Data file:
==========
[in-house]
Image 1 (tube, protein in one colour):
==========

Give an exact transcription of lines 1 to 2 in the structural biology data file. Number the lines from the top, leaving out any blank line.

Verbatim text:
[in-house]
Image 1 (tube, protein in one colour):